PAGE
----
4. rickbass

    rickbass Supporting Member

    Flat- Glad it was informative. I used flats before my long love affair with Rotosounds Swings, but I always missed that deep, smooth "zoooommmm." Unfortunately, it just doesn't seem to be possible at this point to get a rawer, egdier, rip with flats, so I always kept my roundwounds on a long time to "tame them" for the thump of flats.

    My old Precis with flats still gets in the car with the one strung with rounds, though.
     
  5. rickbass

    rickbass Supporting Member

    rs- "Better" in the sense that they're better for me because of the mix of straight on rock and old school funk/R&B in our sets.

    The Hi-Beams were great for slap and rock but I always had to change basses, or wanted to change basses, when a full-on R&B or softer song came up. The reverse was true when rock songs came up. That's when I wanted Lo-Riders or just some kind of flats. It was unrealistic to structure sets around which instruments were in use. Now, I don't have to think about it.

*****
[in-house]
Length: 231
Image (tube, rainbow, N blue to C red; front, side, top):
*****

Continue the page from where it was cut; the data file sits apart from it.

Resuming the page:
IMO. that may be why they have the Marcus Miller signature. I think he was using Hi-Beams for slap but wanted something that could crossover to the deep. bassy, side as well. That's purely conjecture.
     
  6. rickbass

    rickbass Supporting Member

    rs and Flat- Sorry, the replies were sequenced so weird. This happend in anther thread I saw where thr thread originator couldn't figure out why his posts weren't in order. Must be related to the remodeling Paul is doing,
     
  7. rsautrey

    rsautrey Banned

    Jul 27, 2000
    OK rickbass1, sorry to keep beating a dead horse, but I have a sound vs. playability issue. After using Hi-Beams and Lo-Riders I prefer the sound of Lo-riders. After a couple of long practices I wanted the feel of Hi-Beams which are much easier to play IMO. So, do Fat Beams feel more like Hi-Beams or are they stiff like Lo-Riders?